Alex Gibney Talks His Top-Secret Elon Musk Doc, ‘Boom! Boom!’ and Tom Cruise
Alex Gibney, perhaps the world’s most prolific documentary filmmaker at the moment, has an obsession with power — and hubris. He’s taken on everyone from corrupt corporate execs (Enron: The Smartest Guys in the Room) and the Church of Scientology (Going Clear) to Theranos grifter Elizabeth Holmes (The Inventor) and the Trump administration (Totally Under Control).
The 69-year-old Oscar winner’s latest is Boom! Boom! The World vs. Boris Becker, a two-part docuseries on Apple TV+ that chronicles the rise and fall of German tennis great Boris Becker, who won Wimbledon at the age of 17 — the first of six Grand Slam titles — before getting embroiled in a sex scandal and numerous financial scams that left him deep in debt and eventually landed him behind bars in 2022. (He got out in Dec. 2022 after serving eight months.) Boom! Boom! features interviews with Becker’s inner circle, from former manager Ion Tiriac and ex-wife Barbara to rival John McEnroe and the man Becker coached, Novak Djokovic. It also boasts a series of emotional, candid interviews with Becker that shed light on his complicated past, including one that occurred two days prior to his 2022 sentencing.
“He really had a reckoning with his soul,” Gibney says of Becker in that pre-prison interview. “He looked deep into the things he’d done wrong, and it was a sobering moment for him.” (Gibney says Becker’s seen the docuseries and thinks it’s “fair.”)
Gibney took some time out from putting the finishing touches on a Paul Simon documentary and filming his top-secret Elon Musk doc to discuss Boom! Boom!, exploring Elon, and Scientology’s most famous member.
When did you get started on Boom! Boom!, and what inspired you to dig into it?
It was brought to me by my friend John Battsek, who’s a renowned documentary producer. John knew that I was a tennis freak — I play, but also watch — and he had been talking to Boris Becker, who was interested in doing a documentary about his life. This was in 2019. That was when I did those first series of interviews with Boris, walking the grounds of Wimbledon and so on. What Boris supplied was an ability to talk about the game in a way that was candid, honest, refreshing, and profane.
There’s this idea you explore throughout the docuseries that his competitiveness and go-for-broke mentality on the court translated to his actions off the court.
I think that’s right. In Boris’s case, there’s another key element, too, and [Ion] Tiriac talks about it. He has this love for danger and risk. Putting his finger in the flame, but also, there’s this outtake footage we were able to get our hands on in 1991, where Boris says, “You know, sometimes I find myself not trying that hard for the first set or two, because I find that if I get down a set or two, it kicks in the adrenaline and I find another gear.” That’s playing with fire. It made for riveting tennis when he did come back, but it’s a tough way to live a life.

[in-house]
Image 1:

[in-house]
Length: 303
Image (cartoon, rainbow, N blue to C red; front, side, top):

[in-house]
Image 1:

You could have almost done a separate documentary just on his “retirement night” party at Nobu in London in 1999, where after getting knocked out of Wimbledon he went for dinner with friends, had a quickie with a Russian waitress (while his wife was at home pregnant), and then got the waitress pregnant — only to deny it in the most outrageous of ways, even claiming they only engaged in oral sex and she inseminated herself.
He’s a character. There was the Nobu incident, and Boris said he would talk about it. There are the financial troubles, which hadn’t become criminal just yet. And then there’s his relationship with Germany, and the role he played in combatting racism when he married a Black woman in 1991. All that made him an intriguing character way beyond the tennis.
Boris has an interesting relationship with the truth. In the doc, he says he manned up and took responsibility following the Nobu incident, but the reality was anything but. This is one of several times throughout the doc where his version deviates from what happened.
It became a part of the exploration of his character. I’m intentionally ambiguous about it. He’s not Bernie Madoff, but he tells stories about his own life in ways that make his life look better at the time. So, what is that? Is that self-deception? Is it having a bad memory? Self-deception can be a valuable thing on the tennis court. You’re down two sets to love, and you convince yourself that you can come back and win. In real life, it helps to look back on your mistakes and reckon with them.
One element of the doc I wasn’t familiar with was his whole imbroglio with the Central African Republic, where in 2018 they reportedly offered him a job as an international attaché that would allow him to declare diplomatic immunity from his U.K. debts, but then it was revealed that the whole thing wasn’t real and had been arranged by a con artist, Stephan Welk. It seems Boris is very susceptible to grifters.
He is incredibly susceptible and naïve when it comes to these grifters. It’s like, “Oh, gosh! National Security Council? That sounds intriguing!” Really? You think you’re going to the National Security Council? I had Boris explain it to me back in 2019, and the explanation was very hard to understand. Then, I went back and did my research. It was even crazier than he made it sound. [Welk] is trafficking in stolen passports, the son of a billionaire ends up with one, and they know about it because he blows up his own Ferrari for the insurance money. You see a guy like Stephan Welk offering you a passport to a foreign country and you should run in the opposite direction as fast as you can possibly can. So, is it the kid with his finger in the flame thinking, “Oh, this is an intriguing adventure! This could be a way out of my problems!”